Why you don’t want to live without indexing
At times like these when the stock market is like a daily roller coaster ride, protecting the money you’ve set aside for retirement can be absolutely critical. You’ve heard me talk a lot about the LASER Fund—it’s one of the safest financial vehicles that can actually help you sprint in the race toward retirement.
The LASER Fund is technically a properly structured, maximum-funded, tax-advantaged universal life insurance policy. What helps make it a superior retirement vehicle is the ability to employ indexing strategies with your LASER Fund. Indexing allows your money to be linked to the market, while not actually in the market. This lets you participate in most or all of the upside without taking on any downside risk.
IF YOU HAD $1 MILLION IN A LASER FUND
To illustrate, let’s say you have $1 million in a LASER Fund. You have several choices for which index you’ll choose—you can choose a single index or you can link your policy to a combination of them. In this case, you opt to link your policy entirely to the S&P 500. You also have options and choices when it comes to crediting methods and index allocations. The returns in these indices are typically calculated annual point-to-point (I’ll explain more on index choices and crediting methods in future articles).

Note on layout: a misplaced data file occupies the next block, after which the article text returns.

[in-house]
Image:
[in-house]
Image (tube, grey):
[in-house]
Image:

Let’s say your policy has an anniversary date of December 31 (this could be any date—it is not based on calendar year but on the date your policy was issued). On December 31 of last year, the S&P was at 1,000. On December 31 of this year, the S&P saw an increase to 1,100 (a 10% increase). The insurance company is contractually obligated to pay you the yield, which is 10%. On $1 million, that means they will put $100,000 into your policy. That $100,000 is locked in as new principal.
Now, the following year, there’s a financial disaster, and the economy tanks. While most Americans invested directly IN the S&P could lose a significant amount (which millions of Americans did, losing as much as 40% in 2003 and 2008) … here’s the great part … you don’t.